Wolfgang Rihm is not only one of Germany’s most significant contemporary composers, but also one of its most prolific. With nigh on 400 works to his name as he approaches his 65th birthday next month, his latest to reach British shores is his Piano Concerto no. 2, premiered at the Salzburg Festival in 2014 (he has since found the time to pen three more concertos alone in the interim). Intriguingly, there’s no No. 1 as such, merely a smattering of concertante works for piano and orchestra in various guises, a couple of them with the title Sotto voce (‘below the voice’, or whispered). That is virtually the starting point of this new piece, which begins with a genial dialogue between soloist and groups of instruments within the smallish orchestra.
As the composer himself describes the work – “less boxing match, more chamber music” – this is a concerto closer to the Mozartian concept than to, say, the Tchaikovskian. At the climax of the first of its two movements, percussion and harp attempt to wrest the piano away from its musing but ultimately fail to disrupt the good cheer. The second movement, a rondo, is admittedly more combative, though again it tends towards harmoniousness, with the piano often embedded, for all its flashy virtuosity, in the orchestral textures. A motoric lead-in to an accompanied cadenza leads to a surprising coda in which the music simply fades away to a single note on the piano.
Throughout, there’s a strange familiarity about the musical language, hovering as it does between tonality and atonality, which makes connecting with it on a first hearing easier than one might expect from the seemingly ungraspable nature of its melodic ideas. Without making overt references, it appears to pay homage to every piano concerto of the past hundred years or more while making an original statement in itself. Yes, there are times when the music’s meandering makes one wonder when something is going to happen, but they are always ear-tweaking meanders.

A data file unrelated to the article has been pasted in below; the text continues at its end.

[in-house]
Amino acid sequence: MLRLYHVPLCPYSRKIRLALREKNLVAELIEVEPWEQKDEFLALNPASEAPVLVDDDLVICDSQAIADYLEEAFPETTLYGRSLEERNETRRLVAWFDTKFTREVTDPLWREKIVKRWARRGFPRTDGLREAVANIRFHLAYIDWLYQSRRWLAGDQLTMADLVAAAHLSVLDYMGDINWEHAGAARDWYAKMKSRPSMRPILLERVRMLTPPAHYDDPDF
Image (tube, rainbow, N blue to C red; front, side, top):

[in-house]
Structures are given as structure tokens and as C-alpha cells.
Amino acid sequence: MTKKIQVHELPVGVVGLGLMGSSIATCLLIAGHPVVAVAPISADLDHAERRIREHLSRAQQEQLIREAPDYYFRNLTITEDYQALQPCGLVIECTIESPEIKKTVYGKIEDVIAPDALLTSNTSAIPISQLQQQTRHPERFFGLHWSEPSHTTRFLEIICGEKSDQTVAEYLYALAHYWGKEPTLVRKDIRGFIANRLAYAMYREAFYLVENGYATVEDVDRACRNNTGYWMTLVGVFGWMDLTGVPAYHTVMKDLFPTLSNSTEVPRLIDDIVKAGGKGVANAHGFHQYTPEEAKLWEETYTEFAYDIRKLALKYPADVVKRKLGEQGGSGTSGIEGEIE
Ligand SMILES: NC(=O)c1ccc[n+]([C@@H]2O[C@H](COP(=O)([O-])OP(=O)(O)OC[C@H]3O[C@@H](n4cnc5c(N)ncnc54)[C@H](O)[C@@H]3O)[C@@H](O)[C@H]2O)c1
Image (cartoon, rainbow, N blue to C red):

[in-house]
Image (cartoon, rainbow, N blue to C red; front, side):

The soloist in this UK première, Nicolas Hodges, had the measure of the concerto’s lyrical but restless nature. He barely had a bar off for the whole of the concerto’s 25-minute span, but his playing was eloquent and maintained a clarity of articulation throughout, and his partnership with the players of the BBC Symphony Orchestra under Lothar Koenigs was both amiable and stimulating.
Koenigs, who until last year was music director of Welsh National Opera, has a proven track record in Austro-German repertoire, with some memorable Berg, Schoenberg, Wagner and Henze to his name during his time in Cardiff. His Bruckner proved equally interesting – indeed, this was the kind of interpretation of the composer’s music that might even turn the most dogged of Brucknerphobes.
Bruckner’s symphonies are often categorised as ‘cathedrals in sound’, in other words, solid constructions of vertically imposing scale, and with the composer exhibiting an organist’s predilection for treating the orchestra like a selection of organ stops. What Koenigs did instead in his direction of the Seventh Symphony was to emphasise the horizontal, its sense of a flowing melodic and harmonic line. This was evident from the very first soaring theme in the opening movement, phrased across all instruments with rare unanimity of dynamic and articulation.
There were some individual instrumental fluffs from time to time, but Koenigs galvanised the whole orchestra to play as a single entity, in which groups of instruments came and went but didn’t succumb to the stop-start, block-like feeling of some Bruckner performances. It was an account as interesting for its fine sense of detail as much as for its strongly driven emotional impetus, such that the climax of the Adagio sounded inevitable and awe-inspiring at the same time, the inauthentic if common addition of cymbal clash sounding ineluctable. The BBC SO’s string body came across strongly, and wind solos were nicely turned, but the laurels went to the massed horns and Wagner tubas, who produced a sound both rich and distinctive.
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